A third technique calls for special hardware in the computer to hold a unique identifier that can be used as part of the decryption key. Some approaches call for this hardware to be encased in tamper-resistant cases, to discourage tampering even by those with the skill to modify hardware. One form of tamper resistance involves erasing the key if any attempt is made to open or manipulate the chip containing it. But even this protection alone is not sufficient, because it is not persistent. The consumer may legally purchase content and legally decrypt it on her machine, then perhaps illegally pass that on to others who may be able to use the information on their machines.
The final technological step is to reduce the opportunities for this to happen. Two basic elements are required: Decrypting just in time and on site means that the content is not decrypted until just before it is used, no temporary copies are ever stored, and the information is decrypted as physically close to the usage site as possible. An encrypted file containing a music album, for instance, would not be entirely decrypted and then played, because a sophisticated pro-. However, because even hard disks are replaced from time to time, this and all other such attempts to key to the specific hardware will fail in some situations.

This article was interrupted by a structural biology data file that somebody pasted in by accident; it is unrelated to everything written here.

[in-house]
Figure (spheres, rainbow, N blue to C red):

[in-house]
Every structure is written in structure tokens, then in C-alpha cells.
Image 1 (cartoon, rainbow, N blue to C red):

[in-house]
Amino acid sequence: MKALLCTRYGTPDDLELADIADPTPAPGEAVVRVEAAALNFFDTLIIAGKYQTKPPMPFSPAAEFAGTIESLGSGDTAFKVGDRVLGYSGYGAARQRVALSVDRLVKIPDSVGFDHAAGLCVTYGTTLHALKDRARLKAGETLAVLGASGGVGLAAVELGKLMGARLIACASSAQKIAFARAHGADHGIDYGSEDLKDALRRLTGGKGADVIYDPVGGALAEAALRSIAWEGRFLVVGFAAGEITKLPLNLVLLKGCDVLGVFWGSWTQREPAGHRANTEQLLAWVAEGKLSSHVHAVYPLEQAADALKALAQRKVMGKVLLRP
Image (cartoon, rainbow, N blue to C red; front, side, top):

The idea of course is to select attributes stable enough that this failure rarely occurs. Instead, the file is decrypted "on the fly" i. On-site decryption involves placing the decryption hardware and the sound-generation hardware as physically close as possible, minimizing the opportunity to capture the decrypted content as it passes from one place to another inside or outside the computer. Some playback devices are difficult to place physically near the computer's decryption hardware.